The Shohei Ohtani gambling scandal is about more than bad bets

The firestorm surrounding one of baseball's biggest stars threatens to upend a generational legacy and professional sports at large

Shohei Ohtani
The "career and reputation of baseball's best, highest-paid, and most famous player" is at risk
(Image credit: Photo by Jung Yeon-je / AFP via Getty Images)

There is perhaps no bigger star playing Major League Baseball today than Shohei Ohtani. Over the course of his career in both his native Japan and in the United States, Ohtani has frequently been compared to — and sometimes described as even surpassing — baseball greats like Babe Ruth and other mythological figures of the game. As both a pitcher and hitter he has proven himself to be the sort of generational talent who becomes synonymous with baseball as a contemporary sport and with the broader legacy of baseball as both a national and international institution.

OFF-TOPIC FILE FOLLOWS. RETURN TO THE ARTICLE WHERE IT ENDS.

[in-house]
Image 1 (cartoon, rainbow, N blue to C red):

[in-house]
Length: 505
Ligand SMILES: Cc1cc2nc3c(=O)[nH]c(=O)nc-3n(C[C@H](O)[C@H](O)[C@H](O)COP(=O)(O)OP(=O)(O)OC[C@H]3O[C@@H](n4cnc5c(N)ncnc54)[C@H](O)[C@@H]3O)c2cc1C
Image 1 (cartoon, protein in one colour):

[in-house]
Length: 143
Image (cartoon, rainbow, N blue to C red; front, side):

Last week, the Los Angeles Times reported that Ohtani had been named in connection to a sprawling federal investigation into alleged gambling bookkeeper Matthew Bowyer and Ohtani's since-fired interpreter, Ippei Mizuhara. It's a scandal that has threatened to overshadow Ohtani's legacy in baseball, even as his exact involvement remains unclear. Ohtani's representatives claimed the baseball star had been the "victim of a massive theft" of millions of dollars. Mizuhara claimed to ESPN that Ohtani had agreed to help him pay off a large gambling debt. While multiple money transfers from Ohtani's bank account were wired to an associate of Bowyer, the baseball star himself had "zero involvement in betting." One day later, he recanted, and claimed Ohtani had no knowledge of the debt or payments. 

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